Is There Really “Safe” Smoking: Health Perspective

By Ariana Dispalatro,
Trending Editor

The first electronic cigarette was produced in 1963 by the Herbert Gilbert. Gilbert’s patent described a device which was “a smokeless non-tobacco cigarette” and involved “replacing burning tobacco and paper with heated, moist, flavored air.” However, the device disappeared from public records by 1967 without ever being commercialized.

Widely regarded with bringing the current e-cigarette to market is Han Lik, a Chinese pharmacist, in 2003. Lik’s employer produced these de­vices and they were a huge success in the Chinese market.

It wasn’t until 2007 that e-cigarettes came to the United States. Even then, they were still fairly uncommon for a few years. Now, they are gain­ing much more popularity and have faced many issues.

E-cigarettes are claimed to be safe since they often do not contain carcinogens that are known to cause cancer and do not produce smoke which is harmful to others. However, these devices are still just over a decade old and the tests and studies that have been done have been only over short periods of time.

Someone does not die a year after smoking a cigarette, it is unreasonable to assume that the safety of e-cigarettes can be accurately measured yet.

The use of tobacco is not new, it can be traced back to the 1500s. In the United States, cigarettes did not gain popularity until after the Civil War. It was nearly 100 years later that the Surgeon General first issued warnings about the health issues associated with smoking.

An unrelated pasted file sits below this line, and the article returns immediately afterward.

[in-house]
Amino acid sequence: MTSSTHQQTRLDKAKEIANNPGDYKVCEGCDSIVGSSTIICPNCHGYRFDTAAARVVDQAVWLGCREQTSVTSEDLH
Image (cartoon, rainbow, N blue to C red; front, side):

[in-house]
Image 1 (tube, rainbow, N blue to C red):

If it took almost 100 years to begin to issue warnings about cigarettes, how is it possible to conclude that e-cigarettes are “safe” with less than ten years of studies?

Surely, they do prove safer that cigarettes in the short run, but it will take much longer to determine if they are truly safe. Since they are not FDA regulated because they do not contain tobacco, there are worries about how truthful manufacturers are regarding the chemicals in the e-cigarettes. Additionally, they come in different flavors which may make people think it is okay to smoke more since it isn’t a real cigarette.

Ultimately, e-cigarettes may prove to be a safe alternative after thorough tests and studies, but people must remember that e-cigarettes still contain nicotine and can be an extremely addictive and expensive habit.

A version of this article appeared in the Tuesday, Jan. 28 print edition.

Contact Ariana at
ariana.dispalatro@student.shu.edu

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